Reviewing a CD for Furthernoise is usually a pretty straightforward process: the CD goes in the player, I play it for a few weeks, and later I sit down with my laptop and write a review. But Sympathetic Vibration prompted me to question the relationship I have with the works I review. Often, recordings exist as complete works in themselves, or as documents or mementos of a live performance. Sympathetic Vibration is one of a growing body of works that do not fit easily into either category. It’s formed from a number of interlocking projects (including a sound walk around the York St John University campus and recordings made from the inside of an internal mail envelope) and blurs the boundaries between recorded materials and live event. The people and places that shaped the work seem much more integral to it than in many recordings of this genre. What relationship did Sympathetic Vibration have to (and with) these people and places? What was I to review? What was the work? Was it the initial ‘live’ project, or the recordings that were left over afterward ?
These questions troubled me. Was it fair to review the Sympathetic Vibration without having ‘been there’? In order to find some answers to these questions I had a chat with the work’s creator, musician and phonographer Markus Jones.
SS: Sympathetic Vibration has been performed at various festivals and on the radio. How do you think the experience of the work differs when it is presented in locations other than the one where it was conceived? Do you think that people familiar with York St John have a significantly different experience of the work to people who have never been there?
MJ: This is a very good question and one that I thought about a great deal throughout the process. Without a shadow of a doubt it’s a completely different experience. I found that people who were familiar with the campus, when sharing their listening experiences with me, on the first time of hearing seemed to be concentrating more on individual sounds, trying to identify their location and then listening to the entire work a second time began to hear the work as a whole. I hope people unfamiliar with the campus gained an understanding of what it might feel like. Perhaps they may even relate to a similar location. I recently presented the project in Canada at the University of Toronto, where a number of staff and students felt it would perhaps not sound too dissimilar to their own campus.
SS: The experiences of students and staff in York are key to the work, what sort of reactions did they have when they heard it?
MJ: On the whole the reaction has been very positive. Some students asked more technical questions, for example about the tools & software used. Others just enjoying the listening experience and now listen to many other surrounding environments in a completely different way.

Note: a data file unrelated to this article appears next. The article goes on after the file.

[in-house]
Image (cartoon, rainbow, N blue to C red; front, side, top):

SS: I notice that, for me at least, the work tells a ‘story’ about a place. How much of a narrative did you aim to give the piece?
MJ: I was really hoping that it would paint a larger picture about how myself and other view and hear the campus. Without a doubt I wanted to present a collection of mini stories about both the place and the people.
SS: One of the key ideas behind the project was to explore how sounds change through time. What sort of changes occurred, and did they happen at the periods expected? Did they follow any pattern? Were you surprised by anything you discovered?
MJ: Well, I am very familiar with the campus so I always had an idea of what sounds I could expect to collect at key times throughout the year, but of course there were always one or two pleasant, or some might say not so pleasant, surprises. For example, when carrying out part of the project where I placed a microphone and recording device into an internal mail envelope for people to carry around with them, one cheeky chap decided to record his whole toilet visit experience! I thought I had better leave just the highlights in the piece, mainly just the flush and the washing of the hands. More generally, as the seasons change the surrounding sonic environment seemed to follow suite, the birds seem to disappear, the students left for summer break etc…
SS: How did you decide which material to use in each part of the project and on each track?
MJ: Well, one of the key areas across the campus is the Quad. It’s a place where people gather, throughout the summer in particular, sitting around on the grass eating lunch etc.. For me this was the obvious starting point, taking into consideration the time in the year, when new students arrive. To end the work, I wanted to reflect the campus at night, kind of representing the end of any given day. So I stayed up one night in one of rooms, recording the sounds at night, but mainly wanting to reflect the light or perhaps the lack of light, zooming in on the lights as they were being turned on and off. The rest of the project, I hope fills in the rest of the day, focusing on people at work, wandering around or chatting away to colleagues.
SS: How do the parts of the project fit together: is there one overarching project derived from all the sonic materials, or separate, smaller ones?
MJ: Well, I really designed the work to be listened as a whole. Basically the project is 50+ mins long. I originally intended to release just small sections, but then felt it is best listened to in four much larger parts. Part one gives a general feel of the campus as a whole, part two is the internal mail broadcast, part three is the sound walk and finally part four is the sounds at night, well night-ish! Early evening, early morning.
Sympathetic Vibration presents a picture so vivid that, although you don’t need to have ‘been there’ to appreciate the work, you might just feel like you have.